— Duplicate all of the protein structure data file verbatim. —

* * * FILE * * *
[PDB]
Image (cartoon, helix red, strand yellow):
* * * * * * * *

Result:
[PDB]
Image (cartoon, helix red, strand yellow):